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Frequently Asked Questions

What is the Charter for Sustainable Cleaning?

The Charter for Sustainable Cleaning ("Charter"), an initiative of the American Cleaning Institute® (ACI), is a common, voluntary approach of the cleaning products industry to promote and demonstrate continual improvement in the industry’s sustainability profile. The Charter is designed to go beyond basic legal requirements and provides a framework for driving the industry toward common sustainability goals.

Why did ACI develop the Charter?

Built upon previous ACI voluntary sustainability initiatives, the ACI Charter, was developed to establish a proactive initiative for moving sustainability forward. The Charter provides a framework for companies to establish sustainable practices within their business and drive best practices related to sustainable management across the industry. The Charter also provides a united front where companies can take on the most difficult sustainability challenges together as an industry, resulting in a substantially increased impact.

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Why should companies commit themselves to the Charter?

The Charter, which is designed to go beyond basic legal requirements, provides a framework for driving the industry toward common sustainability goals. It requires companies to have systems in place for continual assessment, review, and improvement of sustainability performance, including raw material selection, resource use, and occupational health and safety, at every important stage of the product lifecycle.

By participating in the Charter, companies will have a means of demonstrating their commitment to continuous improvement of key aspects of sustainability relative to the cleaning product supply chain. Doing regular assessments and reviews, and ensuring proper information handling and training, should stimulate and bring about improvement. The improvements can occur at all stages of the product lifecycle, from product specification through manufacturing, to end-use and disposal of products and packaging.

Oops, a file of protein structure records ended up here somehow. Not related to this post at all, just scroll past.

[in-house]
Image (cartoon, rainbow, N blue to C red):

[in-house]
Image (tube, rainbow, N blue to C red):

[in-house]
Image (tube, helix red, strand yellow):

ACI also reports on the aggregated performance of the industry allowing a company to benchmark themselves against the rest of the industry.

How does the Charter go beyond legal requirements?

There are legal requirements at all stages of the product lifecycle, from raw material extraction through manufacturing, to end-use and disposal of products and packaging that companies must adhere to. However, legal requirements for companies to use sustainability best practices during any of these stages do not currently exist. The Charter for Sustainable Cleaning is a voluntary program where companies can commit to practices not required by law but considered to be better ways to conduct business and leave a smaller footprint on the world. For example the Charter requires companies to set internal targets for improving the company’s sustainability performance and consider lifecycle impacts of the ingredients and packaging materials when creating products, neither practices are currently required by law.

How does the ACI Charter compare to The A.I.S.E. Charter for Sustainable Cleaning?